sports day photography walk
This Monday was a national holiday here in Japan. Taiiku no hi or National Sports & Health Day to be exact, which was originally established to mark the opening of the Olympic Games in Tokyo in 1964. The Japanese celebrate Sports Day by holding various sports and health themed activities throughout the day. Many schools put on sports festivals, city gyms offer free admission, and there are often drives related to health and wellness held around the country by various organizations.
I had briefly considered signing up for a Sports & Health Day race around Shinjuku, but dismissed the idea due to its extreme proximity (less than a week!) to my upcoming Katsunuma 10.2k race. Instead, Eric and I chose to have a pretty low-key holiday, and did not participate in any of the organized festivities. It did strike me as kind of odd for someone like myself with a strong interest in physical & mental health to not do something particularly active on Sports Day, but I’m choosing to look at it in the same way many people view Valentine’s Day: I don’t need a particular day to celebrate my health, I celebrate my health every day of the year.
We started our holiday off by sleeping in again. We both have been suffering a lack of sleep since the beginning of the summer (originally related to the heat), and have been trying to take every opportunity to get that back on track. We were very leisurely about getting up, but, as always, went straight into making breakfast once we did.
Breakfast this morning was pancakes.
When I was growing up in San Francisco we lived with my grandparents, and every Sunday morning my family would gather together while my step-grandfather Kenny made amazing crepes stuffed full of my grandmother’s fruit salad and fresh, hand-whipped cream. I love looking back on those Sunday mornings together and cherish the vivid memories I have associated with them. Several years ago, in a fit of homesickness and longing for my own traditions, I instituted a Pancake Sunday policy. Now, I wake up and make pancakes (or waffles, since in March of this year, but that’s a story deserving of its own entry) first thing almost every Sunday without fail.
…except for on holiday weekends, when Pancake Sunday becomes Pancake Monday.
After our pancakes had been made and consumed, we took advantage of the clear weather to wash and hang some laundry. It was such a nice day out, though, that I couldn’t avoid the temptation to get out and do something in the sunshine. It took a little convincing to pry Eric away from the projects he had going, but the promise of visiting a cafe he used to frequent as an exchange student at Waseda five years ago eventually won out after the possibility occurred to him. We decided to make it a photography walk, and headed out shortly after with our DSLRs (I inherited Eric’s old Canon when he upgraded a few months back).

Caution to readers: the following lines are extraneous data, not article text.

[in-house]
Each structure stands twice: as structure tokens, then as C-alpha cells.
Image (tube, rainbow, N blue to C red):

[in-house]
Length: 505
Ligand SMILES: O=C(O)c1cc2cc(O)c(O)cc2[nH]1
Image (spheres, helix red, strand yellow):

We walked from our apartment up through Takadanobaba and on toward Waseda Campus, which is probably about a 30-45 minute walk when done straight. It was fun walking through the area and seeing how things had changed over the last few years since we frequented the place. We spotted a number of new and interesting restaurants and shops we would like to try out, including a new Thai place; and even visited a super cute bubble tea shop with an amazing selection and even better prices.
It had been four years since either of us had last set foot on Waseda Campus, and going back there was really very surreal. I did not do my exchange at Waseda like Eric did, but it being the bigger of the two schools in Tokyo associated with our home University, I spent a lot of time there hanging out with friends and participating in clubs. We took a lot of pictures along the way, on campus, and also at the nearby Ana Hachimanju Shrine before stopping at Cafe Chat Noir to split Eric’s beloved Big Parfait Chocolate; which was apparently even bigger than he had remembered.
By the time we emerged from the cafe it was dark out, so we started back towards home, reminiscing about our first year in Tokyo and stopping to look at the shops on the opposite side of the street as we walked. We’d hoped to make it to the Russian place in Baba we’ve been meaning to try out for a while, but upon arrival we learned that it is closed on Mondays. After some deliberations and exploration of the back streets we don’t usually visit in the area, we decided to head back home and have ramen at the shop near out station instead.
I haven’t had a chance to sit down and sort through all the pictures I took yet, but I’ll be sure to post some later on if any came out particularly well. For now, though, you’ll have to excuse me; I have a date with some pizza dough.
Did you have any family food traditions growing up? Do you keep any going for yourself?